David Robert Jones (8 January 1947 – 10 January 2016), known professionally as David Bowie ( BOH-ee), was an English singer-songwriter and actor. A leading figure in the music industry, he is regarded as one of the most influential musicians of the 20th century. Bowie was acclaimed by critics and musicians, particularly for his innovative work during the 1970s. His career was marked by reinvention and visual presentation, and his music and stagecraft had a significant impact on popular music.
Bowie developed an interest in music from an early age. He studied art, music and design before embarking on a professional career as a musician in 1963. "Space Oddity", released in 1969, was his first top-five entry on the UK Singles Chart. After a period of experimentation, he re-emerged in 1972 during the glam rock era with his flamboyant and androgynous alter ego Ziggy Stardust. The character was spearheaded by the success of Bowie's single "Starman" and album The Rise and Fall of Ziggy Stardust and the Spiders from Mars, which won him widespread popularity. In 1975, Bowie's style shifted towards a sound he characterised as "plastic soul", initially alienating many of his UK fans but garnering him his first major US crossover success with the number-one single "Fame" and the album Young Americans. In 1976, Bowie starred in the cult film The Man Who Fell to Earth and released Station to Station. In 1977, he again changed direction with the electronic-inflected album Low, the first of three collaborations with Brian Eno that came to be known as the "Berlin Trilogy". "Heroes" (1977) and Lodger (1979) followed; each album reached the UK top five and received lasting critical praise.
Muse are an English rock band from Teignmouth, Devon, formed in 1994. The band consists of Matt Bellamy (lead vocals, guitar, keyboards), Chris Wolstenholme (bass guitar, backing vocals), and Dominic Howard (drums).
Muse released their debut album, Showbiz, in 1999, showcasing Bellamy's falsetto and a melancholic alternative rock style. Their second album, Origin of Symmetry (2001), incorporated wider instrumentation and romantic classical influences and earned them a reputation for energetic live performances. Absolution (2003) saw further classical influence, with strings on tracks such as "Butterflies and Hurricanes", and was the first of seven consecutive UK number-one albums.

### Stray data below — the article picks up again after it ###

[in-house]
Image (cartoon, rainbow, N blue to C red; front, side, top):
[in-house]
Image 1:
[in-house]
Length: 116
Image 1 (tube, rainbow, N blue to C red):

Otis Ray Redding Jr. (September 9, 1941 – December 10, 1967) was an American singer and songwriter. He is considered one of the greatest singers in the history of American popular music and a seminal artist in soul music and rhythm and blues. Nicknamed the "King of Soul", Redding's style of singing gained inspiration from the gospel music that preceded the genre. His singing style influenced many other soul artists of the 1960s.
Redding was born in Dawson, Georgia, and at age two, moved to Macon. Redding quit school at age 15 to support his family, working with Little Richard's backing band, the Upsetters, and by performing in talent shows at the historic Douglass Theatre in Macon. In 1958, he joined Johnny Jenkins's band, the Pinetoppers, with whom he toured the Southern states as a singer and driver. An unscheduled appearance on a Stax recording session led to a contract and his first hit single, "These Arms of Mine", in 1962.
Skins is a British teen comedy drama television series that follows the lives of a group of teenagers in Bristol, South West England, through the two years of sixth form. Its controversial story-lines have explored issues like dysfunctional families, mental illness (such as depression, eating disorders, post-traumatic stress disorder, and bipolar disorder), adolescent sexuality, gender, substance abuse, death, and bullying.
Each episode generally focuses on a particular character or subset of characters and the struggles they face in their lives, with the episodes named after the featured characters. The show was created by father-and-son television writers Bryan Elsley and Jamie Brittain for Company Pictures, and premiered on E4 on 25 January 2007.
Tutunamayanlar is the first novel of Oğuz Atay, one of the most prominent Turkish authors of the twentieth century. It was written in 1970-71 and published in 1972. Although it was never reprinted in his lifetime and was controversial among critics, it has become a best-seller since a new edition came out in 1984.